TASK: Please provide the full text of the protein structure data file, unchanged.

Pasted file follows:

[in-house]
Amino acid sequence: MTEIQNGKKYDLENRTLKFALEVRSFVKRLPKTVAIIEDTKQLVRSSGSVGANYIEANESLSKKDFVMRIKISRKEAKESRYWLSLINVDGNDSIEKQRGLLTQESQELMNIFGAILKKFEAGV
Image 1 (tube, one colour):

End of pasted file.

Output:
[in-house]
Amino acid sequence: MTEIQNGKKYDLENRTLKFALEVRSFVKRLPKTVAIIEDTKQLVRSSGSVGANYIEANESLSKKDFVMRIKISRKEAKESRYWLSLINVDGNDSIEKQRGLLTQESQELMNIFGAILKKFEAGV
Image 1 (tube, one colour):